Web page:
My official business was the protection of national security. I have to stress that there was nothing like evidence in this case. There was just a shadow of a rumour. It’s impossible to take investigative action on shadows of rumours. . . If there is some reason to think a crime has been committed, then people like the cabinet secretary are not to start poking their noses into it. It’s for the police to do that.


And he told the Mail:


I thought MI5’s actions were correct at the time. I think they were right to report the rumour, they were right to make what inquiries they could and they were right to come to the conclusion they did. I think if there was evidence it would have been properly examined at the time. I don’t think this is a matter of important people being protected. You can’t pursue inquiries unless you have evidence on which you can base the enquiry. A shadow of a rumour is not enough.


This afternoon, Lord Armstrong finally sent a response (from his House of Lords email account) to my five questions. It appeared that in the three days since he had spoken to the Telegraph and Mail, his memory had suffered a catastrophic failure. He wrote:-


 I am afraid that I do not remember receiving Sir Antony Duff’s letter, or what I did when I received it.   It is now a long time ago, and there were a lot of other things going on at the time.

Yours sincerely,

Armstrong of Ilminster


Sir Robert famously brought into public usage the concept of being (as he put it during the 1986 Spycatcher trial) “economical with the truth”.    But the question of what actions the second most powerful civil servant in the country took about allegations that one of the most senior Tory politicians was a paedophile is too important to be left to this sort of evasive nonsense.

Lord Armstrong thus joins the lengthening list of the great and good who must be summonsed to testify at Lord Justice Goddard’s Public Inquiry into Child Sexual Abuse.    A little robust cross-examination might do wonders to help the noble Lord recover his powers of recollection.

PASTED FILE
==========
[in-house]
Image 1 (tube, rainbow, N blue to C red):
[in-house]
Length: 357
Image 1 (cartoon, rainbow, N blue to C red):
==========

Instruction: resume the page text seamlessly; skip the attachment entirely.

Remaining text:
Tim Tate Blog 26/07/15

Lord Armstrong talking to Tom Bateman (Radio 4), 31st January 2015 about Sir Peter Hayman:
The Needle


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Aylesbury Child Sex Ring

Six men involved in a child sex ring in Buckinghamshire have been found guilty of abusing two schoolgirls on a “massive scale”.
The Old Bailey heard the abuse in Aylesbury went on for years and involved rape and child prostitution.
Eleven defendants faced trial, accused of 47 sexual offences between 2006 and 2012.
Four were cleared of any wrongdoing, while the jury could not reach a verdict on one of the men.
The six who have been convicted will be sentenced in September.

BBC 24.7.15


The Aylesbury child sex ring was not discovered as most would expect – with a victim complaining to the police, a parent voicing concerns or online surveillance. It began with the main victim – known throughout the case as child A – trying to prevent her own children being taken into care.

Between the ages of 12 and 16, she had sex with about 60 men, nearly all of them Asian. Sometimes, this sex was “consensual”, sometimes it was rape.

The efforts of Buckinghamshire social services to have Child A’s two young sons taken into care were halted when she spoke out about sexual abuse she had suffered. The case – heard in the Family Court – had centred on her own fitness to be a mother. The police investigation into Child A’s claims started soon after.

Social services were well aware of the victim – she had been on its children-at-risk register from the age of seven. And over the years the records held by various public organisations about her life swelled. But paperwork did not prevent the ongoing abuse of Child A, or a second girl – Child B – who was also abused by some of the men and who, again, was known to social services.

It is understood Child A may have raised issues of sexual abuse previously with social services but nothing was done.

David Johnston, managing director for children’s services at Buckinghamshire County Council, declined to comment on any “previous contact (Child A had) with social care”.


BBC 24.7.15